Landlords offered a multitude of BTL mortgages as annual returns reach 10%. Rental arrears are falling and landlords are getting an average of almost 10 per cent in annual yields, making the buy...
Landlords offered a multitude of BTL mortgages as annual returns reach 10%. Rental arrears are falling and landlords are getting an average of almost 10 per cent in annual yields, making the buy-to-let sector an attractive proposition according to The Online Letting Agents.
There is little sign of the buy-to-let rush abating with 45 per cent more mortgages on offer now compared with a year ago. At the same time, the latest buy-to-let index from property services group LSL, showed total annual returns from rent and capital gains on an average landlord property rose to 9.7 per cent in the year to February. This is up from 9 per cent in January and from just 5.4 per cent in February last year.
Eleanor Carroll, Director of The Online Letting Agents suggests that the key to a successful buy-to-let can be as simple as a decent mortgage rate and a carefully selected property location. Buying somewhere which will appeal to your target market and is in an area that has a ready supply of that type of tenant will help limit any voids. "It's important to know and understand your tenant market. For example, is there a good transport network for those looking to commute, or good leisure facilities for families who want to settle.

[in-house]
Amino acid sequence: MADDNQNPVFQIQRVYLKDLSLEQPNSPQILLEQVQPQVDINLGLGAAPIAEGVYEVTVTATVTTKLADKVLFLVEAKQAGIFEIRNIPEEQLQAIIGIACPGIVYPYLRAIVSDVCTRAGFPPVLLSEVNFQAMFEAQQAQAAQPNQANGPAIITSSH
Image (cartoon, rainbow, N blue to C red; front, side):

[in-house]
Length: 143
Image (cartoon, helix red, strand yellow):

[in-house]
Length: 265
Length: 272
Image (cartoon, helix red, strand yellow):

Many landlords like the idea of fixing the mortgage rate, for much the same reason as residential mortgage borrowers. Rising rates will eat into a landlord's margins and rental income is not guaranteed to follow suit, so fixing rates can at least provide some certainty on outgoings.
Buy-to-let mortgage rates have remained stable in recent months despite the residential rates rising, following the withdrawal of the Funding for Lending scheme and the possibility of increased interest rates. Paragon predicts returns in the sector will grow at 11.3 per cent per year for the next decade for mortgaged investors, and 6.3 per cent for those not using mortgages.